further adventures in foraging…

Up in the Piazzo district of Biella, on a very sunny south facing wall is an abundantly flowering caper bush.

Having spent some days this spring foraging in the Roman countryside with a friend who is an expert in such matters (see here and here), and having tried to forage on my own in Edinburgh, this time i felt brave enough to harvest some of the fruits and try to preserve them. As ever it’s a work in progress…

So anyway, you can glean 2 kinds of product from this plant firstly the caper itself,

which is the bud of the plant containing the flowers, and secondly the elongated caper berry which is the seed pod the flower produces after the flower withers and dies  (i identified the plant, but then double checked with some local people to certify that they were in fact edible caper berries and were not going to kill me!!).

They don’t taste good at this stage, you need to dehydrate them in the sun or cure them and it is during this process that a kind of  mustard oil is created that gives them the flavour we recognise. SO, i have gathered, washed and dried them,

I packed them them in sea salt for a few days, a lot of liquid seeped out from the fruits so the salt became wet and soggy, so i got rid of the soggy salt and repacked the berries with a fresh lot.

Now its just a matter of waiting…They should keep for six months or more…but i will let you know how i get on…watch this space…

If it works out, this is pretty cheap as a process, the berries were free, and i spent 11 cents on a kilo of sea salt in the local supermarket…not bad…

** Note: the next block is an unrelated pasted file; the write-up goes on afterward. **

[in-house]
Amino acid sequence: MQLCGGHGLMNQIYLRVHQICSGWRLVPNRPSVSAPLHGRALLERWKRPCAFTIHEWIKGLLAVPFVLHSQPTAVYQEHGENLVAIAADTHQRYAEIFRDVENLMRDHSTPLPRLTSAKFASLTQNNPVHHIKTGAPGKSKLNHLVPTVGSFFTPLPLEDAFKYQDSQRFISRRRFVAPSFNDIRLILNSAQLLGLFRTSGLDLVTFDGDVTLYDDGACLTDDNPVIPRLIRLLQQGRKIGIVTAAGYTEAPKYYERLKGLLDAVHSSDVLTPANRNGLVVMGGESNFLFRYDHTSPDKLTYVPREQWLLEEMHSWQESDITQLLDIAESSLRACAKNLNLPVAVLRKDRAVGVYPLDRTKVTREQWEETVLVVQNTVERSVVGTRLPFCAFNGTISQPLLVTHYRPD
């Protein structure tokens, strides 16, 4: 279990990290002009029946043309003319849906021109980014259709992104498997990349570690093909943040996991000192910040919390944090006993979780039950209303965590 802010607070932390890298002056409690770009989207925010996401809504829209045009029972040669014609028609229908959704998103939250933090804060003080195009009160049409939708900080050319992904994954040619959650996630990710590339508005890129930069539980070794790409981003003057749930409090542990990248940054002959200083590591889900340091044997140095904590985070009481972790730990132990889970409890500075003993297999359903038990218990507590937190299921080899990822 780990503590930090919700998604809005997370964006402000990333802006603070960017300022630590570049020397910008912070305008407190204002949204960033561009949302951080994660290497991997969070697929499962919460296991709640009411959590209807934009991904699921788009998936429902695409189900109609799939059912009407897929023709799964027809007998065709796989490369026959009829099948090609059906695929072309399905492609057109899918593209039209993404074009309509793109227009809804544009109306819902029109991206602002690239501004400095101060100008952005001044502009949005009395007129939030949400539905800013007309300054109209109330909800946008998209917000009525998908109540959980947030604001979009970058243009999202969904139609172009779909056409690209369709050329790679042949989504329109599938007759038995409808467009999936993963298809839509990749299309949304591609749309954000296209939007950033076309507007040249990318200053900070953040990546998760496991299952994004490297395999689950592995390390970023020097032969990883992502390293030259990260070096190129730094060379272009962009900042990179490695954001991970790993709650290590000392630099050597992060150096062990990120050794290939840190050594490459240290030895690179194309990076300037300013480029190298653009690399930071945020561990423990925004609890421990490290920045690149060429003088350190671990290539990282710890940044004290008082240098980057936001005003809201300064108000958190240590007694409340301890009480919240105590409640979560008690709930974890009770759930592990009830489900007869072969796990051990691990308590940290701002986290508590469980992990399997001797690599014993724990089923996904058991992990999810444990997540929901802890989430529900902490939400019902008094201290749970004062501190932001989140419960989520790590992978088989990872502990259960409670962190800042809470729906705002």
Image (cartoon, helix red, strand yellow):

other foody posts on this blog:

chocolate con churros

pani puri sunday

cicchetti tea-break


revelations in a milanese restaurant

braid burn

cooking the haul



more foodie questions

foodie questions

nose to tail,

(s)light relief,

pulpo a la gallega

the matanza

morcilla and dying arts

jamòn serrano

8 responses to “further adventures in foraging…

  1. Capers grow wild on walls in our village of Bagni di Lucca as well. Unfortunately, I am never there in summer. Thanks for the tips anyway. Perhaps one day I will be there at the right time.

  2. yay!
    this looks fantastic! oh i so envy you having capers bushes growing in the hood!
    here is totally winter, cold rain and enclosed plans for the coming better months..
    well done Marga, i love foraging stories!

  3. fantastic. do you think a caper bush would survive at hermitage of braid?

    • Capers in scotland? global warming gone crazy???…alas this bush grows on one of the the sunniest spots in biella, think we will just have to wait for wild garlic season to come round again for the braid burn!

  4. could always try indoor growing..hmm!

  5. Pingback: cooking the haul… | mvp – work in progress

  6. Pingback: braid burn… | mvp – work in progress

  7. Pingback: empanada… | mvp – work in progress

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